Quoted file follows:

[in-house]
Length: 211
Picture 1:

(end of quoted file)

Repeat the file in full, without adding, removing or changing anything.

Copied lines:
[in-house]
Length: 211
Picture 1: